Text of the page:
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Steering Wheel repairs

582Boat

Well-known member
Joined
Oct 8, 2003
Messages
141
Location
MI/FL
Corvette
1999 convertible, 2010 C6
Some time ago I read a thread reporting on repairing a very beat up, sun baked, dry and checked steering wheel on a 1985-1988 Corvette, using black shoe polish after sanding very lightly and repeating the procedure several times. I wish to say it worked and made the steering wheel almost new again except for slight marks. I must have put on five or six applications of the polish and buffed after doing the light sanding, I sure appreciate the guy that started the idea. :) :D :upthumbs :) I used this procedure on a 1987 Convertible.
 

Toms007

Moderator
Joined
Sep 24, 2004
Messages
6,348
Location
Southwest Kansas
Corvette
2007 Atomic Orange Coupe
Well, it might be too late, but before and after pictures would be nice.
 
R

ROCKYQ

Guest
SOUNDS LIKE A GOOD IDEA, BUT WHAT SIZE SANDPAPER AND WHAT KIND OF POLISH DID YOU USE?

C/O ROCKYQ
CHECKERED FLAG CORVETTE CLUB
ANNAPOLIS MD.
 

582Boat

Well-known member
Joined
Oct 8, 2003
Messages
141
Location
MI/FL
Corvette
1999 convertible, 2010 C6
Steering Wheel Repair

My steering wheel on my 1987 Convertible Corvette was checked and very ruff to the feel, almost like it had been in the Florida summer sunshine. I started out with # 220 grit then finished with # 400, using a very light touch and then applyed KIWI BLACK shoe polish. I probably applyed six to eight applications and buffed between. You will be proud of the outcome. Go for it.
 
R

ROCKYQ

Guest
THANKS, I USED THE KIWI WAX TODAY NOT THE SANDPAPER, AFTER APPLYING 3 TIMES IT LOOKS GREAT, THANKS AGAIN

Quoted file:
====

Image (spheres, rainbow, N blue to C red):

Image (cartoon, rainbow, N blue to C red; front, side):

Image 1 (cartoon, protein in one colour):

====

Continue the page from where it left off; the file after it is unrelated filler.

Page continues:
o2bnkc

Well-known member
Joined
May 3, 2004
Messages
450
Location
Carson City, Nv.
Corvette
2002 M.Y. convertible
If you spit on it, you get a better shine.:L :L
 

Jeb

Well-known member
Joined
Jan 20, 2005
Messages
456
Location
Covington, Louisiana
Corvette
1987 Convertable
If the wheel is peeling, it helps to use a razor and trim the little tags of leather which are lifting off the wheel prior to dying it with leather die. Apply the leather dye (several coats while allowing it to sink in and dry between them and then buffing before applying the next coat). Then lightly sand the wheel and apply several coats of polish (Kiwi works well) and be sure to buff them well between coats also. Once the final coat is on, buff it out with some of the old lady's used panty hose.

Not only will it look almost like new, the polish won't come off on your hands in hot weather, but you can also stop using an air freshener.

:rotfl

Seriously, once you do this, be sure to continue to condition the leather occasionally with a good brand of leather conditioner. Apply it at a time which will allow it to sit for several hours before you drive the car so that the wheel won't be oily to the touch.
 

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